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Synthetic mRNA can Induce Self-Repair and Regeneration of the Infarcted Heart

Published: Monday, September 16, 2013
Last Updated: Monday, September 16, 2013
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A team of scientists has instructing injured hearts in mice to heal by expressing a factor that triggers cardiovascular regeneration driven by native heart stem cells.

The study, published in Nature Biotechnology, also shows that there was an effect on driving the formation of a small number of new cardiac muscle cells.

"This is the beginning of using the heart as a factory to produce growth factors for specific families of cardiovascular stem cells, and suggests that it may be possible to generate new heart parts without delivering any new cells to the heart itself", says Kenneth Chien, a Professor at Karolinska Institutet and Harvard University, who led the research team behind the new findings.

The study is based upon another recent discovery in the Chien lab, which was published in Cell Research. This study shows that VEGFA, a known growth factor for vascular endothelial cells in the adult heart, can also serve as a switch that converts heart stem cells away from becoming cardiac muscle and towards the formation of the coronary vessels in the fetal heart. To coax the heart to make the VEGFA, the investigators in the Nature Biotechnology study used new technology where synthetic messenger RNA (mRNA) that encodes VEGFA is injected into the muscle cell. Then, heart muscle produces a short pulse of VEGFA. The mRNA is synthetically modified so that it escapes the normal defense system of the body that is known to reject and degrade the non-modified mRNA as a viral invader.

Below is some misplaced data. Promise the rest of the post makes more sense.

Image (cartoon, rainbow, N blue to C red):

The study, performed in mice, shows that only a single administration of a short pulse of expression of VEGFA is required, if it can be delivered to the exact region where the heart progenitors reside. The therapeutic effect is long term, as shown by markedly improved survival following myocardial infarction with a single administration of the synthetic mRNA when given within 48 hours after the heart attack. The long-term effect appears to be based on changing the fate of the native heart stem cells from contributing to cardiac fibrotic scar tissue and towards cardiovascular tissue.

"This moves us very close to clinical studies to regenerate cardiovascular tissue with a single chemical agent without the need for injecting any additional cells into the heart." says Professor Chien.

At the same time, he points out that these are still early days and there remains much to be done. In particular, it will become of interest to engineer new device technology to deliver the synthetic mRNA via conventional catheter technology. It also will be critical to move these studies, which are based in mouse models, to other animals, which is currently in progress.

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